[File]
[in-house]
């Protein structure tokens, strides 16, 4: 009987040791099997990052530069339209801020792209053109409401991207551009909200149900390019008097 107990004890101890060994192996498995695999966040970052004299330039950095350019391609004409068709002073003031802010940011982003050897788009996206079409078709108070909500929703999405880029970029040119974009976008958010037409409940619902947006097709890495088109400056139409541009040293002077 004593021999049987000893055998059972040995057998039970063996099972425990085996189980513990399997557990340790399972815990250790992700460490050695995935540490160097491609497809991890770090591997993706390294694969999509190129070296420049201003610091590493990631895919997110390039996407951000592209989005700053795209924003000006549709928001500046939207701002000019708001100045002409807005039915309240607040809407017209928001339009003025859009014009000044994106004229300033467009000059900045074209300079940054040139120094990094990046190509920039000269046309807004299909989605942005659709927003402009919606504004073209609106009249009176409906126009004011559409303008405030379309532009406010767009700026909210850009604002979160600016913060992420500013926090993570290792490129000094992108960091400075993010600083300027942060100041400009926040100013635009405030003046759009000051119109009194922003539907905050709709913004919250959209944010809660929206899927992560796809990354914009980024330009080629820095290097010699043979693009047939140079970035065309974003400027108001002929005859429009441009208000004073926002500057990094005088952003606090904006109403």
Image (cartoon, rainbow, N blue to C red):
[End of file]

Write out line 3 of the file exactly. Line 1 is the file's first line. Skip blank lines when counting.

Image (cartoon, rainbow, N blue to C red):